Home / World / Ireland is set to end the abortion ban, as exit polls indicate a vote collapse

Ireland is set to end the abortion ban, as exit polls indicate a vote collapse



DUBLIN (Reuters) – Ireland is set to liberalize some of the most restrictive abortion laws in the world after exit polls suggested a crushing vote for change in what was until recently one of the countries most socially conservative in Europe.

A woman checks under the ballot box, to make sure that she has emptied herself correctly, when the counting of votes begins, the day after the referendum on abortion, on the liberalization of abortion laws in Dublin, Ireland on May 26, 2018. REUTERS / Clodagh Kilcoyne

While the vote count began on Saturday morning, LoveBoth's official anti-liberalization campaign admitted that polls painted "a grim picture" of their efforts to retain a ban constitutionally imposed in a referendum of 1983.

"It's a yes," read a cover story in the country's best-selling newspaper, the Irish Independent, which described it as "a massive moment in the social history of Ireland."

An exit poll by the Irish Times / Ipsos MRBI suggested that voters in the once deeply Catholic nation had backed the change on Friday by 68 percent to 32 percent. A survey of RTE / Behavior and Attitudes put the margin between 69 and 31 percent.

Voters were asked if they want to eliminate a 1983 amendment to the constitution that gives an unborn child and its mother the same rights to life. The resulting ban on abortion was lifted in part in 2013 in cases where the mother's life was in danger.

If confirmed, the result will be the last milestone in a path of change for a country that only legalized divorce by a slim majority in 1995 before becoming the first in the world to adopt gay marriage by popular vote. three years.

An urn is emptied when the counting of votes begins, the day after the referendum on abortion, on the liberalization of abortion laws in Dublin, Ireland, on May 26, 2018. REUTERS / Clodagh Kilcoyne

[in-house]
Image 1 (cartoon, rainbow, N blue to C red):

] "It seems we will make history tomorrow," Prime Minister Leo Varadkar, a supporter of the change, said on Twitter on Friday.

The vote count began at 0800 GMT throughout the country on Saturday, with the first indication of the expected results mid-morning. Activists for the change, wearing "Repeal" jumpers and "Yes" badges, gathered in the main center of Dublin, many crying and hugging.

PARLIAMENTARY BATTLE

A senator from the opposition Labor Party that oversees the recount told Reuters that the first counts suggested that the opinion polls were accurate.

Slide show (5 Images)

"The exit poll would say it is bang on," said Kevin Humphries, a former youth minister who campaigned for increased access to abortion.

No social issue has divided Ireland's 4.8 million people as abruptly as abortion, which was pushed to the political agenda by the death in 2012 of a 31-year-old Indian immigrant from a septic abortion after that the dismissal was rejected.

Activists left flowers and candles in a large mural of the woman, Savita Halappanavar, in the center of Dublin.

The exit poll of the Irish Times showed overwhelming majorities in all age groups under 65 voted in favor of change, including almost nine out of 10 voters under the age of 24.

The fiercely contested vote divided the political parties, saw the once powerful church lag behind, with the campaign defined by women on both sides who publicly describe their personal experiences of layoffs.

Although not on the ballot, the "No" camp tried to take advantage of the government's plans to allow unrestricted abortions up to 12 weeks of pregnancy if the referendum is held, calling it a step too far for most the voters.

The result is likely to be followed by a battle in parliament over how exactly access to abortion will increase.

"We will keep the Taoiseach (prime minister) on his promise that the repeal would only lead to abortion in very restrictive circumstances, he gave his word on this, now he must comply," said Dr. Ruth Cullen, a LoveBoth anti-abortion activist. .

Additional report by Graham Fahy

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